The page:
Fox expects that two losses in the U15 girls’ final three games should help sharpen their focus, along with the chance to sweep three provincial crowns for the first time. After missing the chance to play in the OPDL Cup knockout tournament last summer due to COVID concerns, the Force won this year’s Cup at the Ontario Summer Games, they’ve got the league title in the bag, and now they’ll go after the Charity Shield (with the semi-final set for Oct. 15).
“Sometimes when you win every single week, it’s hard to maintain that level of motivation,” Fox notes. “They’re a good group and they work hard, but I think that’s part of it.”
Having star players in and out of the lineup does have an impact on team performance too, Fox acknowledges, though he’ll never complain about players getting the chance to play at higher levels.
“Moving these players on year after year is what success is all about ultimately,” Fox states, underlining that the team’s supporting cast plays a crucial role in making it possible.
“They have contributed massively to the success of the ones that are moving on and probably don’t get the credit that they deserve,” he adds. “They’re the ones that drive sessions, and if you’ve got highly motivated groups, you can get the outcomes that we’re getting at the moment.”
OSU & Ottawa TFC U17 girls fall just short of title
Ottawa came close to a clean sweep of the OPDL girls’ divisions this season, but the Ottawa TFC and OSU U17 girls both lost games that could have given them championships back-to-back on Oct. 2.
There was gigantic logjam at the top of the table heading into last weekend, with the top five teams all having a shot at first place. That was due in part to a new league format for the U15 and U17 divisions. After playing only regional opponents for the first half of the season, the top half of teams from each of the east and west divisions are then placed into a premier division for the second half (with the rest going into a lower tier).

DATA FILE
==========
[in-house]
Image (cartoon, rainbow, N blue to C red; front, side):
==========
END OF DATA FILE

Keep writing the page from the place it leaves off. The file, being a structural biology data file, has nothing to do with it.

The result was an exceptionally even and competitive league, attest the coaches of the top two local sides.
Ottawa TFC’s title hopes were dashed when they lost 3-1 to London Whitecaps at Millennium Park in Cumberland. Two goals was their biggest margin of defeat (and victory) this season in premier play.
“There’s just a lot of parity. It’s a tough, tough league. There’s no easy games,” signals Ottawa TFC coach Pavel Cancura. “It comes down to a couple bounces here and there, a couple inches left and right.”
Ottawa TFC won the OPDL U17 girls’ division last season with a +91 goal differential, but they weren’t the favourites to win this year. Most players on the 2021 championship team are now in university and their club didn’t have a U15 girls’ OPDL entry last year.
“I’m especially proud of this group because of where we started to where we are now,” underlines Cancura, whose club will also advance a pair of players to the national development centre – Maya Galko and Teegan Melenhorst.
“We just weren’t, pound for pound, a team that was gonna walk through anybody,” he adds. “We had a lot of work to do, and now the fact that we can play with anybody is pretty good, we’ve been quite good.
“If you told me at the beginning of the year that we’d be here, I would have said, ‘Man, that’d be pretty cool.'”
The Ottawa TFC girls shared smiles at the end of their match despite the difficult defeat. The lunchbox filled with treats (awarded to the team’s hardest working player) was perhaps part of the reason, or knowing that the future looks bright with only three players set to age out of the U17 division after this season.
“Next year will be a strong year for us. You’re getting all these experienced players and we’ve got a very strong U15 bunch coming up too,” highlights Cancura, whose squad can still get into the end-of-season playoffs for the top four with a win in their final contest at Pickering this coming weekend (if not, OSU will advance).